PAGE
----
Fly Fishing Watercolor nearly finished, Halloween 2010

Fly Fishing in South Fork, Colorado

After letting this one sit for several months, I took it out this evening, hoping to finish it.  I have another festival coming in two weeks, and would love to complete some of my unfinished pieces lurking in the shadows of my disheveled studio.  This started out as a poured watercolor, and I’m trying to ease off on the brushwork, not wishing to wipe out some of the wonderful accidental effects that came from pouring and salting, mostly on the water and in the background thicket.

Compared to my other works, this is a larger piece, measuring 18 x 24″.  I need to get comfortable once again with larger watercolors.  I’ve been working the 9 x 12″ size for about a year, and fear that I’ve gotten too comfortable there.  I guess that’s a major feature of success in creating art–breaking out of those restrictive “comfort” areas.

Thank you for reading.

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4 Responses to “Fly Fishing Watercolor nearly finished, Halloween 2010”

  1. Pierre Says:

    This is lovely, the stance of the fisherman and the way he is holding his rod, the suggestion of waves and froth, the background thicket, all of it is wonderful. You have almost convinced me to try this pouring technique, something I have never yet tried, perhaps because I am anal retentive, as some of my friends say jokingly.

    Last time I wrote a note to you I had attached a copy of an aquarelle of a Miramichi salmpn fisher and you asked if it was mine. The answer is no. I only wish I could paint like that.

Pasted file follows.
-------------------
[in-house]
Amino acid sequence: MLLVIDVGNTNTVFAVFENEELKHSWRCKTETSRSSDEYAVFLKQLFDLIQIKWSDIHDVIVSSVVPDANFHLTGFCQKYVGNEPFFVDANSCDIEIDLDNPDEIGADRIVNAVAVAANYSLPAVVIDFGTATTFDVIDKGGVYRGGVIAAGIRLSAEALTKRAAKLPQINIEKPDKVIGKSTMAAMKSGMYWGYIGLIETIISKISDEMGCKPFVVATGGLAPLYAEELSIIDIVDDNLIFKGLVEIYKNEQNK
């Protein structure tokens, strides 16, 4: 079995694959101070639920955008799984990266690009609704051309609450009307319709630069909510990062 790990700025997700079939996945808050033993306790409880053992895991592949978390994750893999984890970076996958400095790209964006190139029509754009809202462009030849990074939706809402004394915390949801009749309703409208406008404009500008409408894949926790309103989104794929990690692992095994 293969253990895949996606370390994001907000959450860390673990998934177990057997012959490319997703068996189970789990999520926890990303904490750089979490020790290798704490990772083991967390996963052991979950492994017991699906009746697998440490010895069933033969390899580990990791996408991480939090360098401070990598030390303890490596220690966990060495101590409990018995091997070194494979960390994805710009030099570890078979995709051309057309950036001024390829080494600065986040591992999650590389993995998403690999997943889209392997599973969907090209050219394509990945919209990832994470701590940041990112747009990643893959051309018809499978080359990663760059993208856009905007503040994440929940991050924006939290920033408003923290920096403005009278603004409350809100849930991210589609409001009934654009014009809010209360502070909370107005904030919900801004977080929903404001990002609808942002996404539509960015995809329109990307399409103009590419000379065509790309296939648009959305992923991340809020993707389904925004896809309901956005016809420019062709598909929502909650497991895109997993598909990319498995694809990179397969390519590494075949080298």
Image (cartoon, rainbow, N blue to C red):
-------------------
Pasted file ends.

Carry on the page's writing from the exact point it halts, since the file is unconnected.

2. David Tripp Says:

    Always a pleasure to hear from you, Pierre, thank you. I think you will find pouring to be a most engaging technique. I too am very anal retentive–all my friends know that, and I know that. But I’m always astonished at the marvelous accidents that occur during the pouring process. If there is anything I don’t like, I simply mop it up while it’s still wet. But during the drying process, I find all kinds of cool textures emerging as I sprinkle with salt, spray with a water bottle, blot with tissue, scrape with an xacto knife, and then pour other colors on top (provided they aren’t the kind of colors to turn the field into brown or gray). I’m just overwhelmed at all the possibilities I’ve discovered after only 3-4 poured attempts. I could never have done it with a simple brush.


  3. francis Says:

    Wow, this is an increadible piece. The shadow, the trees and the man and the colours it’s just balance each other. I can see you realy enjoy finishing this piece. Amazing work there David.


  4. davidtripp Says:

    Thank you, Francis. I custom-framed this one and really like the way it finished. I’m ready to try another of the same genre.


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